The Big Sur area of California feels different than the rest of the coast; the water is much more vibrant than the rest of the state and the colors just seem to pop. Of course, it goes without saying that it is also one of the more photographed areas of landscape within the state. People come from all over to get photos of the dramatic cliffs and sparkling turquoise blue water.
Phil and I met our great group of 13 eager photographers for an afternoon and evening of shooting. Our first stop was the Carmel Mission. Once inside this great old structure, we started going over the basics. Every person in our groups have different photography skill levels, so Phil and I like to make sure we go over all the basics of shooting in that (scary) manual mode. For those with some experience shooting on manual, it's just review, or perhaps a different take on what they already know. For the newer photographers, it's a chance to start working on developing a routine with their shooting so that they'll get comfortable using aperture, shutter speed, and ISO as tools to help creativity, and not hinder it.
We spent some time going over the histogram readings, and how to make that "histogram party" something that teaches them what they've captured in the camera…and how to make the appropriate adjustments.
This first location is all about small details... textures, colors, contrast, and shape. We try to walk the group around and go over how we approach a scene and what we look for when we're shooting. By the time we're wrapping that up, church has let out, and many people had fun photographing the great chapel area. What I love about the mission is that there's always something new to see. Different flowers in bloom, light playing on different objects in new ways…I always find something new to photograph every visit, and if I can do that after over 100 trips here…I can't imagine how much there is for the new visitor!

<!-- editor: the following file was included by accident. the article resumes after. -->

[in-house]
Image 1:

Time was flying! We were off next to Bixbie Bridge, an iconic old stone bridge that is a lot of fun to photograph, and it's a staple of the Big Sur coastline. Some small yellow flowers were in bloom so we were able to go over foreground a little, work on composition, use of a polarizing filter, and help the students work on the proper settings when handholding a camera versus having it on a tripod.
We next stopped for a lunch break along the Big Sur river so people could relax a bit before we drove the crooked road down highway 1 to McWay Falls, a tropical looking waterfall that falls onto the beach and into the sea. The goal there is not only aesthetic looking compositions, but also use of filters to help hold back the light and give us some movement and silky looking water. Phil and I helped the class with all of their filters, or the use of a loaner filter, to get the desired effects. The beautiful day really made the colors pop…the blues are SO vibrant it almost doesn't look real.
Our daylight was fading quickly, so we packed up and headed to Pfieffer Beach. We arrived to find that the offshore fog had come and sat on the horizon, blocking any chance of an epic sunset…but that's typical for this time of year on the coast…and no matter what the sun does it doesn't change the way we work and the lessons we're teaching. And there and then, it was all about getting silky, moving water.
For this, we had the class set up and bump up their apertures to allow for the smallest opening for the longest exposure possible. We keep those ISOs low, and use filters to help hold back light as well…the results were awesome. We saw a lot of cool looking moody water shots on the backs of the cameras!
Once the sun had gone behind the horizon, the temperatures dropped, and our pleasant 75-degree day had turned into a 50-degree icebox...and it became time to pack up and head back!
The class had a lot of fun, as did Phil and I. We saw a lot of nice images on the cameras, and saw a lot of light bulbs go on with the new found information we presented. People were getting it, and it showed on the cameras. The only thing left is for them to keep practicing, and head home to sift through all of the images they took during the day!
Until next time,
Brian, Phil, and the rest of the Aperture Academy team
P.S. If you'd like to join us at one of our workshops, you can find the schedule/sign up here.
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